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NASA Space Shuttle
The flight down to Dulles on the Socata TBM 700 was smooth as glass and surprisingly quiet for such a fast airplane. A short shuttle ride got us to the Steven F. Udvar-Hazy Center, an enormous facility which provides enough space for the Smithsonian to display the thousands of aviation and space artifacts that cannot be exhibited on the National Mall. The two sites together showcase the largest aviation collection in the world and accommodate more than one million visitors per year. The Center was made possible by a $65 million gift in October 1999 to the Smithsonian Institution by Steven F. Udvar-Hazy, an immigrant from Hungary and co-founder of the International Lease Finance Corporation.
You have to see it to believe it. The Boeing Aviation Hangar is 103 feet high, 986 feet long and 248 feet wide which makes it about ten stories high and the length of three football fields. The nearly 300,000 square feet of space is filled with airplanes — more than 160 — including a Boeing 707, a B29, a Lockheed SR-71, all manner of fighter jets, a 1903 Wright Flyer and everything in between. Adjoining the Aircraft Hangar is a Space Hangar — a mere 80 feet high, 262 feet long and 180 feet wide. The 50,000+ square feet includes more than 150 space artifacts, with the space shuttle Enterprise as the centerpiece.
We got to downtown D.C. in time to walk around the National Mall after checking into the hotel and then had a nice dinner at Olive’s. The next morning we headed over to the Convention Center for the SLA 2009 Annual Conference. I expected attendance would be down due to budget cuts and travel freezes but it was actually up from the prior year — nearly 6,000 people attended. It proves that even though you can find almost anything on the Internet there is still an important role for conferences where people can network in the halls and during breaks and meals.
The attendees were Information Professionals from 75 countries. The roles played by the library and information science experts have changed but are no less vital to libraries, information centers and corporate information and knowledge resource departments than before. Libraries are in fact very special places. A couple of weeks ago we took our granddaughter to visit the Yale Library. It was a busy place with a lot of computers but also a priceless collection of materials and most importantly a cadre of people who know how to help people find things.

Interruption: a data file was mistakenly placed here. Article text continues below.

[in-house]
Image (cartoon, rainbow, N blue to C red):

I only had time to visit one of the 400 exhibitors at the conference — Knovel Corporation, where I have been a director and investor for almost seven years. It has been exciting to see the company grow by serving a large number of corporate librarians and engineering executives.
The closing conference panel was moderated by TV newscaster Judy Woodruff. The panelists were Dr. Neil deGrasse Tyson, Robyn Meredith, and yours truly. I learned a lot from my fellow panelists. Judy did a terrific job of brining out important points about the future of information technology. A lot of it was focused on healthcare. I spoke about how important it is to move to an electronic model — how it can improve healthcare outcomes and reduce costs.
Audience questions were provocative. One gentleman asked whether the Internet is making it possible for a very large company or a few companies to dominate the control of information. He was obviously referring to Google. I said no and reminded the audience how the press said in the 1970’s that IBM was going to take over the world. Then in the 1980’s it was Microsoft that would dominate. Now some believe Google will dominate. I have no fears about this. The barrier to entry for a new company is close to zero thanks to cloud computing. Google Docs is nice but check out Zoho.com. The race has only just begun. The bigger fear is monopolization by telecommunications and cable companies that has been made possible by intense lobbying of the FCC. I am cautiously optimistic that the new chairman will keep things “open” so that innovation and competition can thrive.